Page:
America's preparation for and launch of the war on Iraq have split the European Union's current (and prospective) member states into two camps. It is a deep division that sees on one side the governments, the UK government first and foremost, that have accepted meekly this flexing of American muscle, and on the other, those countries that, attempting to safeguard the shred of independence they still retain, have strongly opposed the action of the United States.
It is no coincidence that those most strongly opposed to the war have been France and Germany, supported in their stance by Belgium and Luxembourg (with the Netherlands adopting a more cautious wait-and-see attitude). This grouping of countries echoes, albeit in a partial and still somewhat indistinct way, that of Europe's original founder states. The only one of the Six missing from this line-up is Italy, whose government, despite public opinion in the country being unequivocally opposed to the conflict, has faithfully supported the American line.
Now that the war is under way, some have started to talk about repairing both the rift between the United States and Europe, and the damaged relations within the Union itself. The reality is that these fractures can truly be healed, in the long term, only by a determination not to accept compromises over the differences that led to their emergence in the first place. A patching up of relations would simply signify an explicit conforming to the American line on the part of governments that had, hitherto, contested it.
This does not, in any way, throw into question the traditional friendship of Europeans towards the American people. But it cannot be denied that the imbalance of power between the United States and the countries of Europe is so great and so obvious even though, from a historical perspective the power of the United States is on the wane that the reaching of any transatlantic agreement, and consequently any agreement within the EU, would be possible only at the price of the loss of the last scrap of dignity that Europe, thanks to the attitude of France, Germany, Belgium and Luxembourg, still retains. It is therefore to be hoped that there will be no such patching up of relations under the current circumstances, as this would serve only to confirm the common submission of Europe's divided nations to the colonial supremacy of the United States. What Europe desperately needs today is founders, not mediators.
Europe has entered a crucial period in its history, in which rapid and radical answers to the problem of sovereignty have to be found. Plans for a common foreign and security policy that, without eroding national sovereignty, goes no further than a rationalisation of arms production and the formation of a small rapid reaction force certainly cannot be said to fulfil this need. Neither can proposals like assigning the European Union a single seat on the UN Security Council. Clearly, if this kind of external representation were an expression of the Union in its present form (as opposed to the expression of a single European state), then this proposal would be entirely unrealisable; and even in the highly unlikely scenario of its being realised, it would be quite impossible for the EU representative, answerable to twenty-five heads of government and faced with the diametrically opposed positions of Great Britain and France, to give voice to any common European standpoint.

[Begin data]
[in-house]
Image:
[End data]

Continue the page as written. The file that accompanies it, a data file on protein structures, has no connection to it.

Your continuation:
The present situation is extremely serious and needs to be tackled seriously, and not through verbal artifices, which serve only to disguise a lack of courage. It needs to be tackled in the full awareness that, if Europe is once more to count on the world stage, any design for its political unification must be viewed as a question not of legal formulae, but of power a question that cannot be tackled and resolved in the framework of a twenty-five- or even a fifteen-member European Union, or indeed in any framework that includes the United Kingdom.
It can be tackled and resolved only in the framework of Europe's original founder members: those countries that share the strongest links, whose interests are most closely intertwined, whose integration goes back the furthest and in whose citizens the European ideals are most deep-rooted. It is up to these six countries (or to five of them, should Italy's government fail to alter radically its European policy) to take the initiative of founding an initial federal core, which all the other states will be free to accept or reject, but whose terms will be not be open to negotiation.
The absence of Italy from this framework would be a serious omission not only because the federal core would be denied the contribution of an important nation (both in terms of its wealth and the size of its population), but also in view of the avant-garde role that Italy has played in all the crucial stages of the process of European unification up to now, and that it could again play in the decisive stage the continent has reached today. That said, no government remains in office for ever, and the political coalition sustaining the present Italian government includes a number of genuinely pro-European members, while the whole of the country's opposition is, with the exception of an extreme fringe, pro-European.
Italy should therefore, if only with a view to the future, be involved in the process, through the establishment of meaningful dialogue between representatives of the governments and parties ready to take this initiative and the most farsighted section of Italy's political class. One thing is for certain: it would never be long before Italy joined an initial federal core.